“In the meantime,” said Athos, “I renounce my plan of seclusion, and wherever you go, I will go with you. You must return to the Rue des Fossoyeurs; I will accompany you.”
“But however near it may be,” replied d’Artagnan, “I cannot go thither in this guise.”
“That’s true,” said Athos, and he rang the bell.
Athos made him a sign to go to d’Artagnan’s residence, and bring back some clothes. Grimaud replied by another sign that he understood perfectly, and set off.
“All this will not advance your outfit,” said Athos; “for if I am not mistaken, you have left the best of your apparel with Milady, and she will certainly not have the politeness to return it to you. Fortunately, you have the sapphire.”
“The jewel is yours, my dear Athos! Did you not tell me it was a family jewel?”
“Yes, my grandfather gave two thousand crowns for it, as he once told me. It formed part of the nuptial present he made his wife, and it is magnificent. My mother gave it to me, and I, fool as I was, instead of keeping the ring as a holy relic, gave it to this wretch.”
“Then, my friend, take back this ring, to which I see you attach much value.”
“I take back the ring, after it has passed through the hands of that infamous creature? Never; that ring is defiled, d’Artagnan.”
“Sell it, then.”
“Sell a jewel which came from my mother! I vow I should consider it a profanation.”
“Pledge it, then; you can borrow at least a thousand crowns on it. With that sum you can extricate yourself from your present difficulties; and when you are full of money again, you can redeem it, and take it back cleansed from its ancient stains, as it will have passed through the hands of usurers.”
“You are a capital companion, d’Artagnan,” said be; “your never-failing cheerfulness raises poor souls in affliction. Well, let us pledge the ring, but upon one condition.”
“That there shall be five hundred crowns for you, and five hundred crowns for me.”
“Don’t dream it, Athos. I don’t need the quarter of such a sum — I who am still only in the Guards — and by selling my saddles, I shall procure it. What do I want? A horse for Planchet, that’s all. Besides, you forget that I have a ring likewise.”
“To which you attach more value, it seems, than I do to mine; at least, I have thought so.”
“Yes, for in any extreme circumstance it might not only extricate us from some great embarrassment, but even a great danger. It is not only a valuable diamond, but it is an enchanted talisman.”
“I don’t at all understand you, but I believe all you say to be true. Let us return to my ring, or rather to yours. You shall take half the sum that will be advanced upon it, or I will throw it into the Seine; and I doubt, as was the case with Polycrates, whether any fish will be sufficiently complaisant to bring it back to us.”
“Well, I will take it, then,” said d’Artagnan.
At this moment Grimaud returned, accompanied by Planchet; the latter, anxious about his master and curious to know what had happened to him, had taken advantage of the opportunity and brought the garments himself.
d’Artagnan dressed himself, and Athos did the same. When the two were ready to go out, the latter made Grimaud the sign of a man taking aim, and the lackey immediately took down his musketoon, and prepared to follow his master.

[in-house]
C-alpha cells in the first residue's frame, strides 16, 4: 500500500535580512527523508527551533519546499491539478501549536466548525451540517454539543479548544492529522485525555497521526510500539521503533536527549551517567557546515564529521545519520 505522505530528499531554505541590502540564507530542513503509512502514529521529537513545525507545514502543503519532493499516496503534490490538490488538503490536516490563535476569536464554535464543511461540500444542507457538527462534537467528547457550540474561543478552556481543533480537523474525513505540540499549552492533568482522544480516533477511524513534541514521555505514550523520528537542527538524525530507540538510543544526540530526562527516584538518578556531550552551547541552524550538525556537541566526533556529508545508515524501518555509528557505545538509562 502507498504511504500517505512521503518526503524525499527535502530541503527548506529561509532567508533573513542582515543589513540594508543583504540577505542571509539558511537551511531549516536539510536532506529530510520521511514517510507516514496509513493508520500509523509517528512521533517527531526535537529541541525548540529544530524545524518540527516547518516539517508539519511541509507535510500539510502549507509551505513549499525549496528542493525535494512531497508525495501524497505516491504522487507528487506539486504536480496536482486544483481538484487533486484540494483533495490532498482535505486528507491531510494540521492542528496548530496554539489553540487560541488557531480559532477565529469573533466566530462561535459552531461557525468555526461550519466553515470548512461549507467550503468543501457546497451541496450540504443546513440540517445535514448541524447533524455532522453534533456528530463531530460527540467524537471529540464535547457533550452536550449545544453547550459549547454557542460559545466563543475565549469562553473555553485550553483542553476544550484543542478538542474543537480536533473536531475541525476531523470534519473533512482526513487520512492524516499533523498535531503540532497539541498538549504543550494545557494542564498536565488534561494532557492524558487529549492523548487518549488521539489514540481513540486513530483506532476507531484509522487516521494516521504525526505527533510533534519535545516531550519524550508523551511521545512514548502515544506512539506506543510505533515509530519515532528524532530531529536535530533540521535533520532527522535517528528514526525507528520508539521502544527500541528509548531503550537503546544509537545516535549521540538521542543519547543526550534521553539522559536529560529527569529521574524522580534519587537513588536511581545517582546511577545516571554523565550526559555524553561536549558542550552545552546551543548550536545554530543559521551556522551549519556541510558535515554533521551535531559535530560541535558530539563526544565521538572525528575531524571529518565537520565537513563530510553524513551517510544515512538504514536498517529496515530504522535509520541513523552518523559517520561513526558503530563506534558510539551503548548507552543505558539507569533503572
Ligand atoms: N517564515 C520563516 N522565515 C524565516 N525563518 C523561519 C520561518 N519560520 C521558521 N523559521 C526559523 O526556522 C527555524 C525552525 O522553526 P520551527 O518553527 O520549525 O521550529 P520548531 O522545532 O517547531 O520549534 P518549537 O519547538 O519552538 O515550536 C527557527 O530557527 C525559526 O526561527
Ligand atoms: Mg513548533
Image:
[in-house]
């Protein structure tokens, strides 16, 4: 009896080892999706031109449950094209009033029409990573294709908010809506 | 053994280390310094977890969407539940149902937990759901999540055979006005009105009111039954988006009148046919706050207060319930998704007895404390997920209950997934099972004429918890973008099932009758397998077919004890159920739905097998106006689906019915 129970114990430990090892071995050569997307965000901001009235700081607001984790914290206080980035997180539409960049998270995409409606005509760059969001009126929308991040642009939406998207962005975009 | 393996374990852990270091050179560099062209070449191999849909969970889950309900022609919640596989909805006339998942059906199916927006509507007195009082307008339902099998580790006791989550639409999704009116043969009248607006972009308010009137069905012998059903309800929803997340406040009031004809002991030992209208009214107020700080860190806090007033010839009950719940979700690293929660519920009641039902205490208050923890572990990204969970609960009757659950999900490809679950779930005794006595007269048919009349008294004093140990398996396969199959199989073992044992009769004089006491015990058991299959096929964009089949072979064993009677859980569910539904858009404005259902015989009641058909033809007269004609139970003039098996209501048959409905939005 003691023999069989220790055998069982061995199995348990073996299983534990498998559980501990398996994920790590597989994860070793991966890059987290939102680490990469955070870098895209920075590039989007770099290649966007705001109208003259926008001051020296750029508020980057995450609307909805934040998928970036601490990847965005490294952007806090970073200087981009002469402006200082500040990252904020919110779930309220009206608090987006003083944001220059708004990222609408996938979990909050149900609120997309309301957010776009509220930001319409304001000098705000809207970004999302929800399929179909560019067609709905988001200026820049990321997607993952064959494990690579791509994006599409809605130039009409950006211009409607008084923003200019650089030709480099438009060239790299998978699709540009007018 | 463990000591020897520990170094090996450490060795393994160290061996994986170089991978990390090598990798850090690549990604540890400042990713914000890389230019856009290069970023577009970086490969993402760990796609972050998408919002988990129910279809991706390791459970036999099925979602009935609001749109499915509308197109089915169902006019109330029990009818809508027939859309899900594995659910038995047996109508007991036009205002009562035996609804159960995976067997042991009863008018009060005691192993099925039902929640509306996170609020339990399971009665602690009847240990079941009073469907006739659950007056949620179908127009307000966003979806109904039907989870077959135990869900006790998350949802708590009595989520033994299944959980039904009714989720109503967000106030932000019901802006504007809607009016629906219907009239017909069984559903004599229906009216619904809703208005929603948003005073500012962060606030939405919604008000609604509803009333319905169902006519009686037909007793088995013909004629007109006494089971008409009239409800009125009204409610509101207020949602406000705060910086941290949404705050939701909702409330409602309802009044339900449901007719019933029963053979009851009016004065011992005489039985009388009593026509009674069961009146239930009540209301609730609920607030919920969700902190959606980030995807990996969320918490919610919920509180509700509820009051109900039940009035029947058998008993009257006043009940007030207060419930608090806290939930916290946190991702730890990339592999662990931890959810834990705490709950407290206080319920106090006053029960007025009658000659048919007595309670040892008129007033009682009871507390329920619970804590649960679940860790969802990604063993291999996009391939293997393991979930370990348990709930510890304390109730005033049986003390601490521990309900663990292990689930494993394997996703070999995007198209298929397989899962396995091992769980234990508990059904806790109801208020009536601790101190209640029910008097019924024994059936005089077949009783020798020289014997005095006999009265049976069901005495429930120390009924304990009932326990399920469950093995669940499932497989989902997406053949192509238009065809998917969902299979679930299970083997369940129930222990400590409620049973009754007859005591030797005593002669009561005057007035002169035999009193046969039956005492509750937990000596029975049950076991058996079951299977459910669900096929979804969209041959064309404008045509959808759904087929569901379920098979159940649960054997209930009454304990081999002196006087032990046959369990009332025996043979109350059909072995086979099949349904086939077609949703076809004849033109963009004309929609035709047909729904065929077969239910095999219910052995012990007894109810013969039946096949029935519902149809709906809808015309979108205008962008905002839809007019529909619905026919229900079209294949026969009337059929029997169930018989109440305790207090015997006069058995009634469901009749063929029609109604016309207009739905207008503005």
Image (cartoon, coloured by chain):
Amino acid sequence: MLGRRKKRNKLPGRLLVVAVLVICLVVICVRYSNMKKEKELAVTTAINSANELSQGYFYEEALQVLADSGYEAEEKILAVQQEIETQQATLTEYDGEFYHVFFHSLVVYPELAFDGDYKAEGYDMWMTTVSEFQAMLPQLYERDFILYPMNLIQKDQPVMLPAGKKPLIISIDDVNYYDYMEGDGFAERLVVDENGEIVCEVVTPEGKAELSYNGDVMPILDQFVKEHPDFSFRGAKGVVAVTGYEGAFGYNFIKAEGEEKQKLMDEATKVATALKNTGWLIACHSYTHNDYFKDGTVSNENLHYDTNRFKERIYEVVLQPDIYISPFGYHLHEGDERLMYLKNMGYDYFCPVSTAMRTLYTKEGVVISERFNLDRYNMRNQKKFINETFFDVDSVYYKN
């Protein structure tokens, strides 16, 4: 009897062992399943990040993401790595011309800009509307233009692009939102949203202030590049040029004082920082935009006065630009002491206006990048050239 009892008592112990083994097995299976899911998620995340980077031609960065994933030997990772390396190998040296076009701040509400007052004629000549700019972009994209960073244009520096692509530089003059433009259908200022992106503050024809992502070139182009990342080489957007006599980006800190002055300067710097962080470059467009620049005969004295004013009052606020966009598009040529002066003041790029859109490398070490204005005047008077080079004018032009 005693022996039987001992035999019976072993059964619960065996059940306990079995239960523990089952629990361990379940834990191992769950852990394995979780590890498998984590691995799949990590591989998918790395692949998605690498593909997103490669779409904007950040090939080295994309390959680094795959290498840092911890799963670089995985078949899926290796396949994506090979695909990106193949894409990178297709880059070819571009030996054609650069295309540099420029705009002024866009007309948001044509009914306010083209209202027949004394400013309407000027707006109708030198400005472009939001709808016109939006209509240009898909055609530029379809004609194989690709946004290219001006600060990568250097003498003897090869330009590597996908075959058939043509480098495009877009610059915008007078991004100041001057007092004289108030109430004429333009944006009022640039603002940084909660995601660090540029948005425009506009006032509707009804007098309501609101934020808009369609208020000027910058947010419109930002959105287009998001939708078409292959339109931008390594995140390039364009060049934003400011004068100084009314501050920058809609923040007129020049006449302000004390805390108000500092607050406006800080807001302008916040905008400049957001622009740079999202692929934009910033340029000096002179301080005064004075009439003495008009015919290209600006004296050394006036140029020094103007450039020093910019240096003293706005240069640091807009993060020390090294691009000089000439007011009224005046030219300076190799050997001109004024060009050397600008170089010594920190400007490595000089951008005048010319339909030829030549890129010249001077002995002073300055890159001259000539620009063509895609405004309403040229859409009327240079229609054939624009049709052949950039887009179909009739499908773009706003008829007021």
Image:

They arrived without accident at the Rue des Fossoyeurs. Bonacieux was standing at the door, and looked at d’Artagnan hatefully.
“Make haste, dear lodger,” said he; “there is a very pretty girl waiting for you upstairs; and you know women don’t like to be kept waiting.”
“That’s Kitty!” said d’Artagnan to himself, and darted into the passage.
Sure enough! Upon the landing leading to the chamber, and crouching against the door, he found the poor girl, all in a tremble. As soon as she perceived him, she cried, “You have promised your protection; you have promised to save me from her anger. Remember, it is you who have ruined me!”
“Yes, yes, to be sure, Kitty,” said d’Artagnan; “be at ease, my girl. But what happened after my departure?”
“How can I tell!” said Kitty. “The lackeys were brought by the cries she made. She was mad with passion. There exist no imprecations she did not pour out against you. Then I thought she would remember it was through my chamber you had penetrated hers, and that then she would suppose I was your accomplice; so I took what little money I had and the best of my things, and I got away.
“Poor dear girl! But what can I do with you? I am going away the day after tomorrow.”
“Do what you please, Monsieur Chevalier. Help me out of Paris; help me out of France!”
“I cannot take you, however, to the siege of La Rochelle,” aid d’Artagnan.
“No; but you can place me in one of the provinces with some lady of your acquaintance — in your own country, for instance.”
“My dear little love! In my country the ladies do without chambermaids. But stop! I can manage your business for you. Planchet, go and find Aramis. Request him to come here directly. We have something very important to say to him.”
“I understand,” said Athos; “but why not Porthos? I should have thought that his duchess —”
“Oh, Porthos’s duchess is dressed by her husband’s clerks,” said d’Artagnan, laughing. “Besides, Kitty would not like to live in the Rue aux Ours. Isn’t it so, Kitty?”
“I do not care where I live,” said Kitty, “provided I am well concealed, and nobody knows where I am.”
“Meanwhile, Kitty, when we are about to separate, and you are no longer jealous of me —”
“Monsieur Chevalier, far off or near,” said Kitty, “I shall always love you.”
“Where the devil will constancy niche itself next?” murmured Athos.